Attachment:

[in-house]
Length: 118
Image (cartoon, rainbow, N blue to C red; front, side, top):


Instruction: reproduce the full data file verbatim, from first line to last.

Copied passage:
[in-house]
Length: 118
Image (cartoon, rainbow, N blue to C red; front, side, top):